Updated: Crow-eating goodness here.
Due respect to my colleague Claude, who — in this year’s (Sh)It list — appropriately took aim at cultural elitism, but if there’s something I find even more odious than intellectual snobbery, it’s willful benightedness. If “hipster dickwad” is on one side of the spectrum, there is an equally offensive crustbag on the other side of the spectrum who tags someone a hipster dickwad as a means to justify and/or disguise his own obstinate stupidity. There’s certainly something to be said for vegging out to some simple-minded, though entertaining, cinematic atrocity like Transformers (I got some empty pleasure out of it myself), but to restrict your cultural diet to Bruckheimerian sewage while calling a Junophile a pretentious asshole is no less objectionable than looking down your nose at NASCAR nation from your perch in front of your overplayed copy of Metropolitan. Those who consistently criticize hipster dickwads for sticking their heads up their pretentious asses and failing to recognize that a film’s highest objective is “to be entertaining” often fail to recognize that intelligence and entertainment value are not necessarily mutually exclusive, a notion they stubbornly refuse to test because, well, it’s a lot easier to bathe in stupidity and call someone a close-minded, elitist assbag than it is “suffer” through some high-minded pleasures, of which there is a scarcity these days thanks to the spending power of the deliberately ignorant.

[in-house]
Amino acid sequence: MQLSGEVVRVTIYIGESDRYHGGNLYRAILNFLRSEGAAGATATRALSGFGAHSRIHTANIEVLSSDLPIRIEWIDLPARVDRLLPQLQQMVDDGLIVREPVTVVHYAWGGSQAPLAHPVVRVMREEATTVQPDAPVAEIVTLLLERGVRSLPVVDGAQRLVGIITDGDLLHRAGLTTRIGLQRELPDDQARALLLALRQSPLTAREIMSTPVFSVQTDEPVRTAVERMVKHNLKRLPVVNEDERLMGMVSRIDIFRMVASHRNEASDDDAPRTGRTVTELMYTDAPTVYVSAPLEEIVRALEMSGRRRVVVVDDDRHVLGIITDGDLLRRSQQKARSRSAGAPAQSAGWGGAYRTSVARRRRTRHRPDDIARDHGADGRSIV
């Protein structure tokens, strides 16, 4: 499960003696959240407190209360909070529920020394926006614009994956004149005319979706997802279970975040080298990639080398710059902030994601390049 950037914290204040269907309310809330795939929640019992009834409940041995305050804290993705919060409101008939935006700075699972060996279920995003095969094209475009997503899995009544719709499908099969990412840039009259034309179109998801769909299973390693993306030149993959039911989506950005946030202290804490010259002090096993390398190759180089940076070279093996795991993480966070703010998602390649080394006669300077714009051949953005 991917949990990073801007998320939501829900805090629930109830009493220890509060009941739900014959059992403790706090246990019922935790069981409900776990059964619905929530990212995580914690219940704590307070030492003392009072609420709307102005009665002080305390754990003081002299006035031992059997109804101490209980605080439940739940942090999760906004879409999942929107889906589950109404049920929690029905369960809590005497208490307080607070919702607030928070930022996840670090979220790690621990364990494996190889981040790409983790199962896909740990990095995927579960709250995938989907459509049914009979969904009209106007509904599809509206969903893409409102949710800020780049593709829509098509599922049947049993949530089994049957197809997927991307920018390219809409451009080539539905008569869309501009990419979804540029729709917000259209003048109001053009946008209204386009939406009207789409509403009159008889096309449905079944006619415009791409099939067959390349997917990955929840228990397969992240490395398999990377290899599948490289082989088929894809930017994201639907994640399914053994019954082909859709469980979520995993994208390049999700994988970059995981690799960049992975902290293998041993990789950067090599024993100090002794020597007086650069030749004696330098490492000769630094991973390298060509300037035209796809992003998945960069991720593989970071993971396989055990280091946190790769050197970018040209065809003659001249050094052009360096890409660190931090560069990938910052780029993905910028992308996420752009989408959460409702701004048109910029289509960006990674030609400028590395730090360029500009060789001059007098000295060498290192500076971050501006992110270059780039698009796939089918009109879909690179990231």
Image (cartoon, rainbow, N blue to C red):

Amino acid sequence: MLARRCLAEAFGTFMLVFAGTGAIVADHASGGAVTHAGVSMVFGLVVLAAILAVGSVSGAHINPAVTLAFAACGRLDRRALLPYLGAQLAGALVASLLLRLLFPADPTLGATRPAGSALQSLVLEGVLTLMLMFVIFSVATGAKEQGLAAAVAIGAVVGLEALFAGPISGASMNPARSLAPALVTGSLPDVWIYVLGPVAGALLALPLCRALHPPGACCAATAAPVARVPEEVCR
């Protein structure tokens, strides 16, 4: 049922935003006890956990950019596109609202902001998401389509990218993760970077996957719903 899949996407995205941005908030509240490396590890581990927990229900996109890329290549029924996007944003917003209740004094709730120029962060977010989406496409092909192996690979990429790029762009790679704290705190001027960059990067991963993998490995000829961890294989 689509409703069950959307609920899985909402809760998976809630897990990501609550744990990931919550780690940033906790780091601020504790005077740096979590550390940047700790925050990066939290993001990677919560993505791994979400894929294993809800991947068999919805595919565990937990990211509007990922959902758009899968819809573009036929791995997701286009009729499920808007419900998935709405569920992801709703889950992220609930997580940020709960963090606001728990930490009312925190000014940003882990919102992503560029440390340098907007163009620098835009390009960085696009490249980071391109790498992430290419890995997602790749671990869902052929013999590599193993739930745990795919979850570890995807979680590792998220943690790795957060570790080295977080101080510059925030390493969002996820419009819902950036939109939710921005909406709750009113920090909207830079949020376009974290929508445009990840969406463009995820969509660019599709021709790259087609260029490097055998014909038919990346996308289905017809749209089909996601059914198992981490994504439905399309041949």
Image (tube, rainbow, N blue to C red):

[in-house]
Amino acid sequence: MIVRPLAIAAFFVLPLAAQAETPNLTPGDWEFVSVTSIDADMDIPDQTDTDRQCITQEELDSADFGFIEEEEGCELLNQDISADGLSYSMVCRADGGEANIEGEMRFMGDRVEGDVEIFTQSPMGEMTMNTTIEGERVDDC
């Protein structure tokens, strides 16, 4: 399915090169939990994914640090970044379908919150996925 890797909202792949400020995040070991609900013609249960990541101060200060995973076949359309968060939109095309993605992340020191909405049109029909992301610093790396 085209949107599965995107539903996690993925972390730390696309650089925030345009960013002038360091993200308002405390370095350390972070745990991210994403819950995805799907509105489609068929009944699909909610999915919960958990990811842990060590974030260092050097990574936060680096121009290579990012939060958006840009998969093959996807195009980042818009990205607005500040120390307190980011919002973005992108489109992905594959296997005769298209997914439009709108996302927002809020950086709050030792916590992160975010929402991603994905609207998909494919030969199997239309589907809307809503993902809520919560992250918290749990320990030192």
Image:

But, thankfully, for the purposes of reviewing 27 Dresses, soccer moms, academics, greasers, stoners, jocks, band geeks, hipster dickwads, and anti-intellectualists alike can all follow the rainbow to the same meadow, hold hands, and dance around the same pot of gold, because Rainbow Assassin’s first headliner is neither smart nor entertaining; indeed, it’s not only painfully dull but perversely idiotic, and it seems to take immense pleasure in its vacuity. In fact, I find it strangely ironic that Massengill Mouth would talk shit about her character in Knocked Up, herald grrrrl power in magazines upon which she’s splayed spread eagle on the cover, and then turn around and take this part, because nothing screams feminist like a pathetic beauty whose completeness depends on the existence of a man in her life. Hell: All the strong women I know sleep with the newspaper’s wedding section under their pillow, too. Oh sure: A career-minded, responsible shrew who tsks tsks a dope-smoking man-child stuck perpetually in his adolescence is a mark against women, but a wedding-obsessed, chick-flick stereotype is just the sort of role model women are looking for! Right? Hixlespilk! Katherine Heigl is Satan’s vagina, and there’s hypocrisy santorum spilling out of her every orifice (H/TPaddyDog). I’m all for outspokenness, Katie, but how about backing up your goddamn words with actions instead of sliding into a bed of cash and fucking your brains out. At least the Four Starletards of the Apocalypse are honest about themselves — they own their whorish, drunken crazy — but Heigl wants to be a tabloid star and eat her cake of righteousness, too. Sorry, lady — you’re about as transparent as a wet T-shirt. Oh, and you may be pretty, but you’re about a sexy as a late-night doorstep fire left by empty-bowelled vandals and you’ve got all the goddamn acting talent of an empty wastebasket. Face it, BowKiller: You’re a placeholder; this week’s “next Julia Roberts” and next year’s 30-second clip in VH1’s “I Love the Oughts.”